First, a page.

The costs of living in Italy are also considered relatively low. Depending on the city and region you are living in, a typical monthly budget ranges from €500 and €900. As you might imagine, the low living costs and tuition fees attract many international students to Italy.

Italian state universities, like the University of Bologna, provide high-quality education at low prices. Additionally, there are excellent private universities you might consider attending — however, keep in mind that they are considerably more expensive. The average tuition fee for a private university in Italy ranges from €10,000 to €15,000 per year. Some examples of prestigious private universities include:

Studying in the European Union

If you are a legal Italian citizen, you can also study in universities located in other members of the European Union. Countries like Germany, France, Spain, Netherlands, Norway, and Finland also have excellent, high-ranking universities with low tuition fees. The European Union student exchange program known as Erasmus allows you to study in a different country as part of your degree. The program is designed exceptionally well and comes with many additional benefits for students.

When it comes to costs, there are more than 40 European universities where Americans, for example, can get a bachelor’s degree for free. Public universities and colleges in Norway, Iceland, Germany, and Finland are totally free for both residents and international students. On top of that, many private schools in Europe don’t charge for tuition and offer courses entirely in English.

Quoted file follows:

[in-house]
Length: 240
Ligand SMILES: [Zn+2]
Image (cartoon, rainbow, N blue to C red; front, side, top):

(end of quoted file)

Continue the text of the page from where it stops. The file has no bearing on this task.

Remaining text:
Even if you have to pay tuition, the prices are generally much lower than what you would find in the USA. On average, yearly tuition at an American college is $27,020. In comparison, the average annual tuition at a European university is around $2,225. Even the most expensive European universities (like some in the Netherlands) tend to charge less than $9,000 a year.

We cannot neglect the fact that the majority of American students do not pay the full cost of tuition. When you take scholarships and grants into account, the average price of college education in the USA drops to around $4,000 a year. However, it is still nowhere close to what European universities have to offer.

What Are European Universities Like?

While studying in a European university comes with a lot of benefits, keep in mind that the experience could be very different from college life in the USA. If you expect frat parties, sorority houses, and football games, you are in for a letdown. There are also no dining halls to take advantage of for food.

Additionally, odds are that you will have to find your own housing if you decide to study abroad. Generally, room and board cost much less in Europe than in the USA. On average, the price for housing at American colleges is around $10,000. You can expect much lower costs in Europe.

In Conclusion

As you can see, Italian citizenship comes with many benefits and has the potential to open many doors (click here for the full list of benefits). If you are a parent who wants their kids to receive an excellent education from some of the best universities in Europe, moving to Italy as a legal citizen is a sure way to achieve that. Alternatively, the benefits that Italy’s universal low-cost healthcare provides can be reason enough to move.

No matter your plans, the first step you need to take is to acquire Italian citizenship. Feel free to check out our other blogs on the topic. You will find details on how to apply, the documents you will need, and the legal procedures themselves.

For any questions, feel free to contact us at or directly at (213) 277-8705.